Childbirth and infant development knowledge gaps in interpersonal settings.
The knowledge gap hypothesis predicts that infusions of information into an environment will lead to knowledge gain by groups with higher socioeconomic status (SES) at rates that outpace the knowledge gain of lower SES groups, leading to a growing relative gap between them.
Four information source variables were examined in the present study : education, baby care experience, friend and relative networks, and interpersonal communication in a parent education setting.
Study subjects were mothers and fathers in Minneapolis, Minnesota, and mothers in Belfast, Northern Ireland.
In the sample, the classic pattern of widening gaps due to education was not supported by time trend data, although one-time data showed gaps.
The interpersonal communication condition contributed most to knowledge levels and to widened knowledge gaps.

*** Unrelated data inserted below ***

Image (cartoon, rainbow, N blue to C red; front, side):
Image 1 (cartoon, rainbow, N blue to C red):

Mots-clés Pascal : Education santé, Statut socioéconomique, Niveau étude, Environnement social, Communication, Relation interpersonnelle, Expérience personnelle, Parent, Connaissance, Inégalité, Nouveau né, Homme, Etats Unis, Amérique du Nord, Amérique, Irlande, Europe, Interaction sociale
Mots-clés Pascal anglais : Health education, Socioeconomic status, Education level, Social environment, Communication, Interpersonal relation, Personal experience, Parent, Knowledge, Inequality, Newborn, Human, United States, North America, America, Ireland, Europe, Social interaction
Notice produite par :
Inist-CNRS - Institut de l'Information Scientifique et Technique
Cote : 98-0160243
Code Inist : 002B30A01C. Création : 21/07/1998.